Quite. And that was exactly the point of starting this topic really. Culturally I have XYZ taste and background, but just because you are from elsewhere does not mean you might not like some of it. The starting point is simply to put it on your radar.

OK, ok, I know, we're supposed to find commonalities, not differences...

Says whom? I would say I'm here to learn, grow, and hopefully contribute. I can also learn and grow through not agreeing with someone else. ;)


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Postby Brah » Thu, 22 Nov 2012 5:49 pm

JR8 wrote:
Brah wrote:With this post you just redeemed yourself from your earlier "Don't Stop Believin" post. IMNSHO.

I was never into Journey as a band (way too AOR and hence 'non-descript' for me). BUT I enjoy that song because of karaoke. My take? You try and sing it and not respect Steve Perry (vocals) afterwards

He does / did have a great voice

Having said that, I like the the Schon / Hammer album, much like I do any solo work by Lukather,


Never heard of them.

Schon = Journey's guitarist (and now famous adulterer) + Jan Hammer = Jimi Hendrix of the keyboards, once one gets over the Miami Vice and very 80s DX7 sounds

whereas I'm no Toto fan, though they do have some good music comparably to the other two and are way better musicians.

Toto... OMTFG... about as engaging as Yanni.

Yeah but the Porcaros and Lukather are top musicians, and much Lukather's solo work is very good, he's a kick-ass guitarist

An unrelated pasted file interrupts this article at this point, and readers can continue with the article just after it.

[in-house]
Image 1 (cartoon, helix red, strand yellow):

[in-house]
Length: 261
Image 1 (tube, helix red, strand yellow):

For example my obscure reference at end of the nefarious "Ang Moh" thread, I thought at least SMS would catch that....

You mentioned Hotel California? ;)

I might have, but was referring to the last 5 paragraphs of my 2nd to last post there. I'll give the older guys on the forum one last chance for that, I thought it was pretty easy. (hint - it is extremely timely right now)



OK, ok, I know, we're supposed to find commonalities, not differences...

Says whom? I would say I'm here to learn, grow, and hopefully contribute. I can also learn and grow through not agreeing with someone else. ;)

Yeah I like that better

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Postby x9200 » Thu, 22 Nov 2012 6:32 pm

JR8 wrote:
x9200 wrote:

No, it's not his, Google Almighty says it's Paul Roberts and confirms the ref. to Blade Runner.

Ah, he is the guy who replaced Cornwell.


I like them, not really incidentally. All their popular stuff like Skin deep, No more heroes, Golden Brown and trying to dig deeper for some less popular like the discussed "Time to die" or "Let's tango in Paris" or "Vladimir and the beast". The one from your link is also nice but I am probably more inclined towards their new wave part.

Golden Brown was a chart song; it is about heroine addiction. I was surprised when I found that out, as it is such a gentle and harmonious song!

I think you get a cut off point from their original sound to when Cornwell eventually left (like from 'No more heroes' to 'Strange little girl'). He evolved more quickly that the rest of the band, AND the audience. He was latterly constantly trying to move towards lighter and more cerebral stuff and something had to give...


I like the album. Conceptual-wise, yet have to try to digest it :)

What Men In Black? That was a motif they had for a long time, and from before that song/album. In fact if you look closely at the sleeve of their first album (Rattus Norvegicus), you might notice a little 'man in black' silhouetted against a window in the background (albeit as a black dot under the lamp in this picture!). So it was an idea they had from the outset, it is just took some years before they started incorporating it into songs
http://www.punk77.co.uk/groups/Stranglersrattus.htm
[/color]


Yeah, I read that the signs of m-i-blackizm appeared earlier but from my level of illiteracy this Album = some climax.
Very interesting about the heroin and G-B.